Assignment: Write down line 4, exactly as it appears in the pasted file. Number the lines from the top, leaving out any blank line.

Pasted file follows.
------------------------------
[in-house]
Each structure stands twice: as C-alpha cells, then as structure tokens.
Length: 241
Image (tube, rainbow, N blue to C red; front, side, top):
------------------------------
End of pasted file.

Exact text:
Image (tube, rainbow, N blue to C red; front, side, top):